Dewy’s biggest gardening interest is trees, whereas mine is medicinal and native wild plants. He became friendly with Sir Simon Towneley a good few years ago when he ran Offshoots, the permaculture project in the park. Sir Simon too was a keen arborist and he allowed Offshoots to plant some trees at Dyneley.
Dewy subsequently became the gardener at Dyneley and I met Sir Simon a few times. I know his daughter Cosima better – she’s a real live wire and extremely knowledgeable about local affairs and rights of way.
When Sir Simon died recently, I didn’t particularly think it appropriate for me to go to the funeral but Dewy said that Cosima would appreciate it and she did. Helen and I went. It was full-on high catholic, with soldiers in dress uniform at the church door, a mass and priests chanting in Latin. Dewy was deservedly mentioned in Peregrine’s eulogy. I’m not religious, but there was something unexpectedly, spiritually cathartic about it – particularly the overspill on the walk home.
An old man is walking down Tod Road pushing his grandson in a pram. A woman drives past, winds down her window and shouts ‘Cunt’. What a gobshite.
Wtf is wrong with these people? Nevertheless, us vernacularists (3 women on the posher end of the spectrum plus me) use the term regularly and forward each other meme’s frequently. Both Helen and Mog come out with precisely the same sentence independently ‘It’s a term of endearment’. There are now a few websites selling dedicated products – cups, cards, fridge magnets and so on. I had the same idea a few years ago. I’m thinking that there might still be a niche market for utterly inappropriate hand-printed cards. In fact I’m working on a couple at the moment. ‘It’s Christmas … and you’re still a …..’ ‘Father Christmas …. is a ….’
I’ve always said that it’s marginally more satisfactory to procreate than not. The ‘G’ word is still banned mind. I always thought that John Lee Hartley would be a great Rock & Roll name and I even used if for a while. Sonny Wray is even better though. I use my steely blue eye contact fleetingly – I can see into your soul, but then you can see into mine and we wouldn’t want that would we? It’s different with the baby. His brown eyes gaze into mine frequently, accompanied by his wan little smile.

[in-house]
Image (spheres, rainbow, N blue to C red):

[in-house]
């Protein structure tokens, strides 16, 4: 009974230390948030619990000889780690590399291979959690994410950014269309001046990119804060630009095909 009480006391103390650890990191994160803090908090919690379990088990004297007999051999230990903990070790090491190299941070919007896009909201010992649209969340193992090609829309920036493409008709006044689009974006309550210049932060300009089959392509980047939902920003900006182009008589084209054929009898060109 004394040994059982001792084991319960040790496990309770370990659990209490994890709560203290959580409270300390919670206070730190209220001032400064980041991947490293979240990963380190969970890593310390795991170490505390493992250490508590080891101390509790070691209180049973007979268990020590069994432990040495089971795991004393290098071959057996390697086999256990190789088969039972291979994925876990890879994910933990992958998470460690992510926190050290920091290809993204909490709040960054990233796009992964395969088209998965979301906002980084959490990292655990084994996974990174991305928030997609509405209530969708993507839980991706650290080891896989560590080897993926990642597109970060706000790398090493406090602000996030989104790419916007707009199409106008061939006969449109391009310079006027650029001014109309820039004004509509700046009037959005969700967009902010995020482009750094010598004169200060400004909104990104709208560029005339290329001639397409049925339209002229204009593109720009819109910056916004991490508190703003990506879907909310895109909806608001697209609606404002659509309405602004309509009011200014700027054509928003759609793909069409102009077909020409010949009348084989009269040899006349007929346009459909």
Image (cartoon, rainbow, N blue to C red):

I’m carrying him to our house from Rachel’s one day in my makeshift sling and he’s staring at me and smiling, I’m coincidentally outside Ginger’s house, when I suddenly have one of those raining/not raining moments. I’m thinking of all the times I missed with my own kids, through being too stressed and exhausted with my job (don’t blame your job arsehole – you would still have been a cunt regardless). I keep telling Rachel that he’ll only be a little baby for the blink of an eye.
I left medicine over a year ago but I’m still a registered medical practitioner. I’ve always felt the need to speak out if I think something is medically wrong and boy have I spoken out.
I’m done now though. I’m beyond grief. Doctors used to endorse smoking and the brave doc who spoke out against thalidomide was ridiculed for years. There’s a reason why they have blanket censored the questioners.
I have to buy a five pound bottle of gin, to loosen the taps, because Burnley boys don’t cry. It’s come too close to home and I have to just concentrate on the positive. I read somewhere ‘Love like you’d like to be loved.’ I’m digging that. Be a rainbow in someone else’s cloud and all that. Seize the day – every second, every minute, every hour.
I notice that I can’t walk anywhere locally now without being in the view of one of those round cameras. They’ve all appeared in the last couple of years. It’s understandable to see them in town centres as part of the CCTV, but they’re everywhere. There are even 2 on the walk up to the ranch.
The vile slimeball Hancock has announced that he’s stepping down as an MP.
What isn’t widely reported is that he has no choice because of a vote of no confidence from his constituents.
I am not the only one to quietly rage at the failed attempt to make him publicly acceptable as a so-called celebrity. Karma is a Kunt prick, and those that who were forced to let their loved ones die alone, will not forget. No hiding place.
Rock & Roll:
… has been enormously good fun lately – that says a lot coming from a curmudgeon like me.